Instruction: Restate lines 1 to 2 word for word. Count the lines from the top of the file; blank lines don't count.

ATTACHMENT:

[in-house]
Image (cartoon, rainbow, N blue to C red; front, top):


[in-house]
Image (cartoon, rainbow, N blue to C red; front, top):